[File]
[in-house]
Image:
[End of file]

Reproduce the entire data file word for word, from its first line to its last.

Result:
[in-house]
Image: